The call-back service that is provided should be there for people to use. People could leave a voicemail or press a button in order to get a guaranteed call back from HMRC. Our constituents should not be chasing HMRC for money that is rightfully theirs. It is not their error.

On the posting of documents, HMRC should distribute postage-paid envelopes to our constituents, so that they bear no cost when sending documents back to HMRC to have cases processed. On the contract that has been cancelled, of course that is welcome, but I want to look further into that contract. Did it reach its natural conclusion? Did the Government simply decide not to renew? What compensation is available to our constituents for the situation in which they find themselves as a result of a contract that has not served the Government well?

My understanding is that the maximum compensation is £100, which is a paltry amount when people have been plunged into debt and uncertainty.

I agree. On the £100 payment, there is a lot of haziness around it. Some of my constituents have not taken up the payment because there is no clarity around whether it is repayable or not. Again, that has to be dealt with. As I have said, if someone does not receive the phone call offering them £100, they do not get it, so if someone does not have a phone because they choose food over contact with HMRC, they do not get anything.

We do not have much time and I want to give time to the Minister to answer these important questions. Apart from the suggestions that I made on what HMRC should immediately do, these are my key questions for the Treasury: what is the latest guidance given by HMRC bosses to call handlers on how long a person can wait for the tax credit payments to be restarted? How many cases have been resolved, and how many are outstanding? On the impact on victims, what estimate have the Government made of the average cost to each customer in lost payments? What assistance is there to help claimants meet the costs of requesting a mandatory reconsideration?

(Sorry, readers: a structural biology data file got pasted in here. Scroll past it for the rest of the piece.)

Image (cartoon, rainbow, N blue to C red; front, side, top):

What are the criteria for offering emergency interim payments? Are all victims eligible, or only those whose cases have been highlighted through the MP hotline? Why has the existence of those payments not been publicised? It is not in the wider public domain. How many victims satisfy the criteria, and how many have been offered the payment?

Why did the contract between HMRC and Concentrix incentivise the company to cancel tax credit payments? What a disgrace! Of course that is a conflict of interest, as suggested by the independent Social Security Advisory Committee in July. Why was the contract so badly managed? Will the work be brought back in-house following the end of the contract, or will a new external contractor be sought? Please will a Minister do the right thing by our constituents and give them the money that they need, and rightfully deserve?

It is a pleasure to serve under your stewardship, Mr Nuttall. I start by thanking my right hon. Friend the Member for Slough (Fiona Mactaggart) for enabling Members to consider this matter, as well as hon. Members from across the House who have attended and spoken. I counted 24 interventions or speeches, and there was a theme in the words that were used time and again—words such as “shameful”, “shocking”, “distressing”, “desperation”, “anger” and “despair”.

Like other hon. Members, I have received many letters and phone calls from constituents who, to their shock and bewilderment, have found their child tax credits stopped, with little explanation and with few avenues of recourse. Under the Government’s contract with Concentrix, thousands of innocent mothers—the vast majority are working mothers—were in effect branded fraudsters and cheats. At the drop of a hat, they saw money that they desperately needed for their children taken away, notwithstanding their entitlement to it. Yet the company is not solely at fault—the Government are, too. Despite the protestations that the Minister will no doubt make today, the Government gave Concentrix a contract that was a licence to harass and was open to abuse. It does not take Sherlock Holmes to work out that if a company is paid commission to find tax credit error and fraud, it will start with the easy targets so as to turn an even easier profit.

What is more shocking is that the victims, which is what they are, did not have the means of fighting back. They were disfranchised. Hon. Members have spoken of their need to intervene personally in many cases to get movement. The whole process was deeply flawed and, as has been suggested, operated on the presumption that people were guilty until proven innocent—a concept completely alien and contradictory to our values, and our sense of justice, fairness and decency.